Republican idiocy

Tuesday Twitter roundup

Yes, I realize it's Monday, but I've got three platefuls tomorrow, so:

Hopefully any "deal" he gets will still include some jail time. *sigh* If it ain't one thing, it's something else.

Author's note: I've been trying to collect Tweets over more than just one day, so some of the Tweets/commentaries may be somewhat dated. Instead of constantly revising, I'll give you what my thoughts were at the time, right or wrong:

Public hearings scheduled for AQUA NC's massive rate increase

Be there or be square, and bring your own bottled water:

A public hearing will be held by the N.C. Utilities Commission on the proposed rate increase at 7 p.m. in the Forsyth County Courthouse, 200 N. Main St., courtroom 1A. Another one will be held Tuesday in Charlotte at 7 p.m., in the Mecklenburg County courthouse, 832 East Fourth St.

Aqua, which provides water and wastewater services to about 250,000 people in 52 counties, requested the rate increase in August to help recover past investments in capital improvements and operating expenses. The company has about 13,000 customers in Forsyth, Guilford, Surry and Stokes counties.

We'll try to follow up once a transcript of this meeting is posted (if it gets posted) on the NCUC website. Until then, if you happen to attend one of these meetings, we'd love some feedback.

DAG McCrory caption contest

Here's mine: "Striking the first blow in the war against back hair."

DAG McCrory: public enemy #1 is ugly buildings

There's always one in every neighborhood:

Gov. Pat McCrory offered a critique of state government architecture on Wednesday morning, complaining that many of the state buildings and parking decks in downtown Raleigh are “frankly as ugly as the dickens.” The remarks came during a question-and-answer session at a meeting of the Midtown Raleigh Alliance, a chamber of commerce-type group representing the North Hills area. McCrory said he’s dismayed to look out from the governor’s mansion and see windowless buildings constructed in the 1960s and ’70s.

“It’s almost as though we built our government buildings as if they were bunkers in World War II,” he told the gathering of about 100 business leaders. “They look like they were built at Dunkirk, or on D-Day in Normandy.”

While some of those structures may seem "Dickensian" in appearance, it's the policies and unchecked Capitalism favored by McCrory and his pals that will really affect people, and not in a good way. But it's not just "form over substance" that inspired this vicious attack on windowless buildings. McCrory has finally found an opponent he can criticize that won't have the audacity (like a 12 year-old girl) to argue back. Of course, he's not smart enough to figure out that arguing with inanimate objects makes him look like he needs to have his meds reevaluated. Maybe the Wos can hook him up. Or not.

Tuesday Twitter roundup

Worth remembering:

Worth forgetting:

Clueless Republicans look to cut already starved court system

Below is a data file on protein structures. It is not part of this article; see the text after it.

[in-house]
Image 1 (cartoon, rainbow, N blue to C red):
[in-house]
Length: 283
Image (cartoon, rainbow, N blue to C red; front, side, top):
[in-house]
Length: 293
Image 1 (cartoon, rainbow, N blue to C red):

So much for the law & order GOP:

A new committee of legislators that is looking for ways to save money by making the courts more efficient recently heard just how difficult a task that will be. Lawmakers on the House Judicial Efficiency and Effective Administration of Justice committee, meeting for the first time in November, were given an overview of a statewide judicial system struggling to keep up with caseloads amid budget cuts.

"Do you have any answers?" asked Rep. Allen McNeill, a first-term Republican House member from Asheboro and retired law enforcement officer.

"More funding," Smith replied.

You can provide them with all the statistical data and dour warnings you like but, at the end of the day, all these single-minded GOP lawmakers are going to do is make the occasional inappropriate or non-pertinent comment and then move forward with more budget cuts. In their minds, money is never the answer, it all has to do with "work ethic" or some other phraseology that shifts the blame.

Massive annual fish-kill connected to leaking coal ash ponds

The toxic legacy of coal-burning power plants lives on even after they're shut down:

The pollution is likely responsible for a 50% reduction in largemouth bass in the lake, says Dennis Lemly, an associate professor of biology at Wake Forest who written a new study of the lake's fish population. He says he has direct evidence that selenium poisoning is killing an estimated 900,000 bluegill in the lake every year.

He put the value of the fish killed at between $4.5 million and $7 million per year. And he said selenium leaching from the ponds is leaving thousands more fish deformed.

Of course Duke Energy disputes this study, even though they've known for years that the Sutton coal ash situation has been deteriorating steadily. And it's not just the fish that are being adversely impacted, Sutton leaks are ruining the water table in the area, as well:

Syndicate content